To this answer and cross-complaint, plaintiff filed his reply denying the same.

The decree and order modifying decree entered by the court granted to defendant a decree of divorce, and then fixed, determined and adjudicated the property rights existing between the parties.

This appeal does not concern the granting to defendant of a decree of divorce, but is directed to the determination of the property rights and alimony fixed by the decree.

In its original decree, the court awarded defendant an undivided one-half interest in and to all the real and personal property owned by the parties, excepting only an automobile owned by plaintiff; and also allowed $1,000.00 on account of defendant's attorney's fees, and $75.00 per month as alimony and support money. Later, the trial court modified its decree as to alimony, providing that the $75.00 per month should be awarded defendant in payment of her medical expenses, and specifically reserved the right to modify such provision further as the needs of defendant might require for such medical expenses.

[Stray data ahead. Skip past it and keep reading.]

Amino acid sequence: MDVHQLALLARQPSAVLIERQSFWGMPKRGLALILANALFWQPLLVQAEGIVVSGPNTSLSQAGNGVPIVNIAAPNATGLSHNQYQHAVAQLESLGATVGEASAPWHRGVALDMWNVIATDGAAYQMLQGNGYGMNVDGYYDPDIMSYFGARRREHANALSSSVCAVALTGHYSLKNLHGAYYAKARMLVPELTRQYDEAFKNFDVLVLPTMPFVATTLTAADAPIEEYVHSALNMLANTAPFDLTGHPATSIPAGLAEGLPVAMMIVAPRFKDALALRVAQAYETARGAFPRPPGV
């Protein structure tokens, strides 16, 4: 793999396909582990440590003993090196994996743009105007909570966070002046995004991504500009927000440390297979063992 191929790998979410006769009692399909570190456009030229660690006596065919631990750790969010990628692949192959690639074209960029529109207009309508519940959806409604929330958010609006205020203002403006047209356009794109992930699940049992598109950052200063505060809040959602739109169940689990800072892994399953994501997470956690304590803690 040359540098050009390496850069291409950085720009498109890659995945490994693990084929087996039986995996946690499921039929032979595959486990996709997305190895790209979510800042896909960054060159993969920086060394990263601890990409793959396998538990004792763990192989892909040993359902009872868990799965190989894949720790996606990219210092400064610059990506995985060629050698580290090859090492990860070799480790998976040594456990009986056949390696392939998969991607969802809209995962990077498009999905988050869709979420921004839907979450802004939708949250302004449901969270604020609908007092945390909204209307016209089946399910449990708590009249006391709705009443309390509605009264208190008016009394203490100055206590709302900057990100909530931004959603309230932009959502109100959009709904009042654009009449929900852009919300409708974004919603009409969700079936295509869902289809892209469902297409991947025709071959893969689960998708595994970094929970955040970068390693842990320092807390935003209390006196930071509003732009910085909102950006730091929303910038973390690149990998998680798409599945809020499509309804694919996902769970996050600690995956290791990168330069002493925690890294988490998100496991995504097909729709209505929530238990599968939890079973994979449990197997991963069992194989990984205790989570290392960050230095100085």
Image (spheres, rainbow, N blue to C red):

Upon the oral argument in this court, it was made to appear that defendant died in December, 1949, after this appeal had been perfected, and on motion and without *158 objection, Harry Bosch, the duly appointed executor of her estate, was substituted as a party defendant in the pending proceedings.

The principal contention of the defendant on this appeal is that the lower court abused its discretion in not providing lump sum alimony in the amount of $4,000.00 as prayed for, instead of the $75.00 per month awarded.